Authors: Alli Rowe, UCCE Ventura County and Niki Mazaroli, Strategy Research Science
There has been much buzz and renewed interest recently in planting trees as a tool to combat both the causes and impacts of climate change. But what role do trees play in climate-smart agriculture?
With respect to building healthy soils, tree canopy and leaf litter can provide protection against wind erosion and temperature extremes. Tree roots can help stabilize soils, increase nutrient cycling, and improve soil biota representative of a healthy soil system. The incorporation of trees and shrubs on agricultural landscapes, known as agroforestry, blends the practices of forestry and agriculture and can provide many ecological and economic benefits.
The USDA defines agroforestry as “the intentional combination of agriculture and forestry to create productive and sustainable land use practices” . In theory, it really is this simple: adding trees or shrubs to an agricultural landscape. In practice, like most things in agriculture, it is more nuanced and, of course, site specific. Agroforestry includes a suite of practices with varying degrees of complexity that yield systems also of varying degrees of complexity. The most common agroforestry practices in the U.S. are: alley cropping, silvopasture, riparian buffers, windbreaks, and multi-story cropping (also referred to as forest farming).
Like many of the practices that fall under the header of climate-smart agriculture, agroforestry is both old and new. While the term agroforestry is relatively new, agroforestry has been practiced for millennia, yielding diverse, multistoried food forests in both temperate and tropical climates. The recent interest in agroforestry of the last few decades has been driven in part by the desire to apply the benefits of perennial agriculture to address some of the challenges of row crop and animal agricultural systems.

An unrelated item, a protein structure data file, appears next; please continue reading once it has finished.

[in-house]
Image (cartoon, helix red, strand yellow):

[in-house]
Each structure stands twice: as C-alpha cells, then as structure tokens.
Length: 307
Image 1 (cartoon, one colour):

When considering transitioning to agroforestry practices, it is crucial to understand in advance how the incorporation of perennial woody plants will impact your existing operation. Select trees and shrubs that will grow well in your climate and the specific conditions of your farm, and will complement - not compete with! - existing crops or pasture.
In addition to plant selection, site design and management are also key. For example, where you plant trees or shrubs on your farm in relation to other crops or other elements of your farm can determine whether there is synergy or competition for water and nutrients. Site design can also determine the need for different types of management, such as in alley cropping systems where the widths of the “alleys” between rows of trees must factor in the size of any machinery used.
A local example of agroforestry in action is at King & King Ranch in Fillmore. The King family received a Healthy Soils Program Incentive Grant award to establish a windbreak along a 32-acre plot that is transitioning out of vegetable cultivation. The windbreak will protect the soil from the intense Santa Ana winds that sweep through the valley, establish living roots, sequester carbon in the woody biomass of the trees, and provide habitat for local pollinator and bird populations.
We will be highlighting more about agroforestry practices and the efforts of local producers in future blog posts, so stay tuned!
 USDA National Agroforestry Center. Agroforestry Practices. 2019. Available online: https://www.fs.usda.gov/nac/practices/index.shtml (accessed on 31 August 2018).
Climate smart agriculture encompasses management practices that increase soil carbon sequestration, reduce greenhouse gas emissions, improve yields and efficiencies, and promotes climate resilience. The California Department of Food and Agriculture (CDFA) supports three funding opportunities in climate smart agriculture: the Healthy Soils Program, the State Water Efficiency & Enhancement Program, and the Alternative Manure Management Program.
In a collaborative partnership, CDFA and UC Agriculture and Natural Resources have teamed up to support 10 community education specialists throughout the state to provide technical assistance and outreach for the climate smart agriculture programs. As one of these technical assistance providers, my role is to promote and support the adoption of these programs in Ventura County. If you are interested in working with me, please contact me at firstname.lastname@example.org.